I remember my parents saying, "You don't understand. You're not a parent," and being so pissed. What kind of statement was that, anyway? Usually, it was to cut off any discussion about being told "No" to some request or in answer to my objections to some boundary. Occasionally, it was also used to explain their devoted, blind, ridiculous love for me (primarily, this was my mom talking).
No matter how fat or stupid I felt she would always tell me I was beautiful and wonderful and smart as hell. When I looked at her like she was fat and stupid she would simply say, "You don't understand. You're not a parent. You are perfect to me."
And thus, I finally get it.
Almost 20 months ago I became a new version of myself. I bore unto this gloriously fucked up earth a tiny human being solely dependent upon me and my body. His existence hanging on my resourcefulness and resilience; my survival dependent upon Anthony's support and encouragement. We became an entity other than us. No longer were we just "Jessica and Anthony" we became a Family, lo, became family.
That was also the day I became a one-woman cheering fan club. There is nothing that Hollis can say or do that I don't think is bloody miraculous and painfully cute.
Each day and week that goes by there's something new:
A month ago he began saying two-syllable words and my head exploded with glee. He's a freakin' genius!
Two weeks ago he began eating with a fork. What cunning and coordination!
Last week he began singing absolute nonsense, but for the sheer joy of hearing his little tiny alto voice rise and fall inside his chest. I see music in his future!!
He's also begun making up words for things that all start with the letter "N." "Nana" is monkey. "Nya-nya" is motorcycle. "Naa-naa!" is cookie. "N" the letter that emotes in me me images of chocolate, dark tree trunks, and snugly blankets. How did he know??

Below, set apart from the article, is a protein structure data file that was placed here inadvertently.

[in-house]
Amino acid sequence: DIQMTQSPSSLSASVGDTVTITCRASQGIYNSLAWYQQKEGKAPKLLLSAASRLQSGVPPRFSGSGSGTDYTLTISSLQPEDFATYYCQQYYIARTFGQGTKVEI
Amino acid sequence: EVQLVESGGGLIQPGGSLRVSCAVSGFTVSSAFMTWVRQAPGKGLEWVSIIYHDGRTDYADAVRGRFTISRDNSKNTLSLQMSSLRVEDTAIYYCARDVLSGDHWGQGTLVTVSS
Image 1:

I am convinced that he is smarter than me already. The other night in the bathtub I was asking him to point to colored sponge letters stuck on the wall. I would say, "Blue! Where's the blue one, Hollis??" and he would giggle as he pointed at every single color but blue. He'd giggle harder each time I'd say a tight-lipped, clipped little, "No," to each incorrect point, his slick, round belly jiggling the water. *Ahhhh, I really will need a heart transplant at some point, I'm sure... it's too old and withered to withstand this kind of frenzied love intoxication - or maybe I should be worrying about my liver??*
something. And I'm the woman to give it to him and give it to him lovingly.
And that's the lesson that's on the heels of experiencing this LOVE thing; I have patience out the freaking wazoo and I finally get why my mom tortured herself with horrifically long hours both in and out of the home. Things have come into perspective like never before. I know what's important now: Without a doubt my family comes first in the world, as it is for most mothers. It's an object of attention, other than ourselves, that is as rewarding as anything else I can imagine. It's more important than the whole universe outside of me. Everything starts with the family, after all. Everything.